As your first term draws to a close, you'll probably be heaving a sigh of relief. However, one of the tasks you might want to set yourself over the Christmas break is to update your curriculum vitae. You probably last looked at it when you applied for your present post, but much will have happened since. At the least, you'll want to add your present job details.
You may not be thinking of changing schools next summer, but you never know what might happen. You could learn that your school is failing, or being merged because of falling rolls. Then is not the time to be worrying about CV updates. Or you might come across your dream job. If so, you'll want the maximum amount of time to concentrate on your letter of application.
By now, schools should be close to completing their staffing reviews and this is probably one of the reasons why the job market has been so flat this autumn. Most vacant posts have been temporary, often to cover maternity leave, meaning that some of your contemporaries who weren't able to find jobs for September will be starting teaching after Christmas.
If you are thinking of moving schools, expect vacancies to start appearing from mid-February. From 2006, schools will have three-year budgets so they will be better able to plan for the longer-term. However, that doesn't mean more teaching jobs. The growth in non-teaching posts has over the past few years been much faster than the growth in teaching jobs. Indeed, stripping out the administrative tasks means that there may be more teaching resources to go around and a need for fewer new teachers. On the other hand, with more female teachers in secondary schools and improved maternity leave benefits, there is likely to be a need for more replacement teachers, if only on a temporary basis.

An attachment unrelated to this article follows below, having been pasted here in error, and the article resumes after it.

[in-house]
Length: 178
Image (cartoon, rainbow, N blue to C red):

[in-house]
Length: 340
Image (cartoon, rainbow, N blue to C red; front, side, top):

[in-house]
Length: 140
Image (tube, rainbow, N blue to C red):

As ever, the job market is complex. There are still more jobs in London and the South East and fewer in the North and West, especially in Wales. The recent white paper didn't announce any major initiatives on the job front, although Teach First will be extended to five cities outside London, making jobs in these areas possibly more difficult to find. Schools will become increasingly cut adrift from local authorities and will operate even more than at present like small not-for-profit businesses.